A short lesson on how to improve(?) your writing skills.When writing dialogue, don't use 'he said', 'she said'. There are so many wonderful alternatives:
'Help me,' she screeched. 'That's funny,' she giggled. 'My God!' he ejaculated. 'Is it raining?' he enquired. 'Come here!' he demanded. 'Go away!' he shouted.
Most published writers use 'he said' or perhaps 'he asked' most of the time, but it's nice to be different, isn't it?
What about adverbs? Lovely, aren't they? And they add to your word count. Here are some examples of tautology (ie saying the same thing twice over):
He hissed sibilantly, she laughed merrily, he shouted loudly, she ran quickly, he ambled slowly.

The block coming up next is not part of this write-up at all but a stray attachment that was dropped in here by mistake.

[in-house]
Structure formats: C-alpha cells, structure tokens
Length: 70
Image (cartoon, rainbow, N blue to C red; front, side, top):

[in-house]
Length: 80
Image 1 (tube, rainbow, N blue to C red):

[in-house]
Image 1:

Well, some readers are a bit thick, aren't they? They need that extra explanation.
What about word length? Naturally you want readers to appreciate your literary skills, and short simple words won't do it, will they?
So get out that Thesaurus and look up as many multi-syllabic options as you can. And while you're at it, why not scrap those short pithy sentences for longer, more comnplicated ones?
There! Isn't that better? Your 1500-word short story is now 3000 words (and totally unreadable).